There are some cons to going professional with your favorite pastime. Making 25,000 (fill in the blank here) may not be as satisfying as the few you make in your spare time. Maybe your hobby isn’t worthy of being a business. Just because your friends and family admire your work doesn’t really translate into market research. There may not be a market for your interest where you live. Or perhaps your hobby isn’t deep enough to sustain your interest long enough to make a business out of it.

Maybe you just need to have fun with it. And remember to celebrate National Hobby Month.

Pretty Pintastic Party




11 Mar

Glass Pebble Magnet Tutorial

glass pebble magnet tutorial

glass pebble magnet tutorial

MAKING GLASS PEBBLE magnets is one of the easiest crafts there are, and they make some of the nicest magnets around, perfect for giving or to put on your refrigerator. I’ve created a simple tutorial for you to follow if you’d like to make some of your own.

Gather your supplies

You’ll need:

Glass marbles
Decorative paper
1″ hole punch (not shown)
3/4″ magnets (not shown)
Glossy Accents dimensional glue
Hot glue gun and glue sticks

glass pebbles supplies

Glue paper circle to glass pebble

I’ve tried adding the glue to the glass pebble and adding the glue to the paper circle, and found the second way much more effective. Just add a swirl of Glossy Accents glue to the circle on the right side of the paper and then adhere it to the pebble. Let dry completely.

glass pebble backside

Add glue to the magnet

Using hot glue, add just a dollop of glue to the magnet.

glass pebble magnet with glue

Adhere to the back of the pebble

Add the magnet to the back of the pebble, over the back of the paper circle.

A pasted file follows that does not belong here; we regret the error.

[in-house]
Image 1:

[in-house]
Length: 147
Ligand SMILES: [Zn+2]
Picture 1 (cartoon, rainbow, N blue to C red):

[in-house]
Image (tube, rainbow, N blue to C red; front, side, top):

Finished magnet

When the hot glue is dried, you have completed this simple craft! Now you can hold several sheets of paper to your refrigerator, or a photo, or anything else lightweight (the magnets are not really that strong and won’t hold a lot of weight). Of course, it totally depends on how strong the magnets are that you use. I used ProMAG Flexible Magnets that I bought at Michaels, but I’m sure there are stronger versions if you look for them. An office supply store is a good place to look.

For an alternative look, draw on the backs of the glass pebbles with Sharpies and glue the magnets to them for a very colorful, one-of-a-kind look that you can customize anyway you want to. This is a great idea for kids crafts, too!

finished magnets


I’m linking to That DIY Party!

17 Feb

Sharpie Pens: 8 Tutorials for Things to Do With Them

EVERYONE HAS a Sharpie or two lying around.  At least, if you don’t, you should. These pens are like magic! Just them and a little creativity and you have a masterpiece.  Sharpies come in multiple colors and several tip thicknesses, so you can have just about anything you need for whatever craft you can think up.  I’ve scoured the internet and come up with eight tutorials that are diverse and interesting, and require more dedication than skill. None of them are very time consuming, either, so you can decide today and be done today, too! Instant results!

Tutorials for Things to Do With Sharpie Pens

From Kimmykats, Sharpies and washers tutorial.
What magic can happen when you combine a sharpie,
some muratic acid and hydrogen peroxide…

By Stephanie Lynn, Sharpies and dishes tutorial.

Once the designs were drawn, the dishes were set on a cookie sheet and baked at 350º for 30 minutes until the designs were set.
From Homespun Happenings, a Sharpies and sign tutorial.
With dark stain, the effect was perfect.
Doodle Easter Eggs from Alisaburke tutorial.
Eggs this pretty can be for any day!
Just Crafty Enough brings you Marimeko Shoes tutorial.
Give plain sneakers a whole new look!
The Thirty Sixth Avenue gives you a Christmas ornaments tutorial.
Get your Sharpies, some fun stencils, and give those ornaments a makeover!
Tye-Dye some shirts with Markers and Alcohol from Genuine Mudpie tutorial!